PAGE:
[ flak-sid, flas-id ]
/ ˈflæk sɪd, ˈflæs ɪd /
soft and limp; not firm; flabby: flaccid biceps.
lacking force; weak: flaccid prose.
QUIZ YOURSELF ON AFFECT VS. EFFECT!
In effect, this quiz will prove whether or not you have the skills to know the difference between “affect” and “effect.”
Question 1 of 7
The rainy weather could not ________ my elated spirits on my graduation day.
Origin of flaccid
1610–20; <Latin flaccidus
flabby, equivalent to flacc
) to grow weak, languish + -idus-id4
OTHER WORDS FROM flaccidflac·cid·i·ty, flac·cid·ness, nounflac·cid·ly, adverb
Based on the Random House Unabridged Dictionary, © Random House, Inc. 2021
Example sentences from the Web for flaccid
His very malevolence proceeded from a flaccidity which meanly envied the activities and enthusiasms of other men.
In "Jennie Gerhardt" there is no such flaccidity of structure, no such vacillation in aim, no such proliferation of episode.
Soon it would lose its paleness and flaccidity, become pink and slightly convex, pulsing with Rastignac's blood.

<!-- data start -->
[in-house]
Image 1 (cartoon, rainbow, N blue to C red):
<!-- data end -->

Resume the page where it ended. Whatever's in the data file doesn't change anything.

Besides, inquiries concerning the health of cow-punchers were not only superfluous, but bordered on flaccidity.
lacking firmness; soft and limp; flabby
Derived forms of flaccidflaccidity or flaccidness, nounflaccidly, adverb
Word Origin for flaccid
C17: from Latin flaccidus, from flaccus
Collins English Dictionary - Complete & Unabridged 2012 Digital Edition
© William Collins Sons & Co. Ltd. 1979, 1986 © HarperCollins
Publishers 1998, 2000, 2003, 2005, 2006, 2007, 2009, 2012
Lacking firmness, resilience, or muscle tone.
Other words from flaccidflac•cid′i•ty (-sĭd′ĭ-tē) n.
The American Heritage® Stedman's Medical Dictionary
Copyright © 2002, 2001, 1995 by Houghton Mifflin Company. Published by Houghton Mifflin Company.